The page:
Niger

Niger/Sahel: Epidemic: Rift Valley Fever Emergency Plan of Action Final Report DREF operation: MDRNE016

Attachments

A. Situation analysis

Description of the disaster

On 30th August 2016, Tahoua region alerted the National level of cases of fever with jaundice and bleeding complications in humans, leading to death in most affected cases at community level. Most cases were reported/recorded in the Health District of Tchintabaraden. On the side of livestock, it was found during the same period of abortions in small ruminants and mortality in young calves.

Tahoua region is located in the Southwest part of Niger and covers an area of 113,371 km² with an estimated population of 2,741,922 people. The Health District Tchintabaraden is one of eight districts of the Tahoua region, which covers an area of about 54,000 km² with an estimated population of 250,726 people. The main livelihood activity of the communities in the affected area is agriculture and animal breeding.

The results of the Laboratory test provided by the “Institut Pasteur de Dakar” on 16th September 2016 confirmed the Rift Valley Fever (RVF) in Tchintabaraden zone. From week 31 (August 02) to week 37 (September 18), a total of 52 affected cases including 21 deaths (case fatality rate 40.3%) were reported in the Tchintabaraden district. The outbreak has spread to 2 other districts (Tassara and Abalak) as of 21 September 2016, the total number of affected cases recorded were 60 with 23 deaths. The statistics mention that 87% of the affected population were above the age of 15 years with 63% of them being males while 95% are pastoralists. As of 28 September, 78 cases were recorded with 26 deaths.

In terms of livestock, animals with hyperthermia, breathing difficulties, hyper salivation (animal drooling), bleeding in the various parts, abortions in small ruminants, mortalities among young calves were found. The milk of some animals aborted was streaked with blood. Interviews with the community has identified 363 cases of animal abortions and 370 deaths of young animals (Source: Ministry of Public Health, WHO).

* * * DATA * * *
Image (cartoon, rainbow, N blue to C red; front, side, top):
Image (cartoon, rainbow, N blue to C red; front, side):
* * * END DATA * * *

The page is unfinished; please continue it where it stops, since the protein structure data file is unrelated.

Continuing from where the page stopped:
Following this confirmation, the Government declared Rift Valley Fever outbreak on 20 September 2016, appealing for international support. The Government also took preventive and curative measures such as providing treatment to the affected people, reinforcing the social mobilization (information and communication in the communities and via media), and increasing epidemic surveillance. The Ministry of Livestock was in charge of caring on animals and properly burying the corpse of dead animal.

After the official declaration of the epidemic, the Ministry of Health (MoH) requested all its partners in the country to mobilize efforts in order stop the spread of the epidemic through awareness campaign and community-based epidemiological surveillance. The Niger Red Cross (NRCs) society was specifically called upon to support the Government with community- “Niger Rift Valley Fever Epidemic Outbreak DREF operation”- Final Report based activities. Based on this request, the NRCs solicited the support of its Movement partners and specifically the IFRC through a DREF worth CHF 99, 514. The DREF activities were mainly implemented in the Tahoua region of the country.